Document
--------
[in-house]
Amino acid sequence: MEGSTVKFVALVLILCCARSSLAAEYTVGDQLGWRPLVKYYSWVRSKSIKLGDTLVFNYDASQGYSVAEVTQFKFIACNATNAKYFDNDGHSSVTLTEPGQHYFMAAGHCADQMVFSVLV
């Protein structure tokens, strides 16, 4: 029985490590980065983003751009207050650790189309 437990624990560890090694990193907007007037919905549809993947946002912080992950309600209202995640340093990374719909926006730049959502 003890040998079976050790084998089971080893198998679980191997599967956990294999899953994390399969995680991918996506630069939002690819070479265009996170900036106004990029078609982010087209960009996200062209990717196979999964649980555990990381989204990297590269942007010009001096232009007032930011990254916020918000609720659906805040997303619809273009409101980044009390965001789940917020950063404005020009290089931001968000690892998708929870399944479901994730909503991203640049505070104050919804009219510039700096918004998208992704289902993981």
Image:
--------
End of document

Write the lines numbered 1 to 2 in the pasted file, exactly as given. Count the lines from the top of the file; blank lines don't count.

[in-house]
Amino acid sequence: MEGSTVKFVALVLILCCARSSLAAEYTVGDQLGWRPLVKYYSWVRSKSIKLGDTLVFNYDASQGYSVAEVTQFKFIACNATNAKYFDNDGHSSVTLTEPGQHYFMAAGHCADQMVFSVLV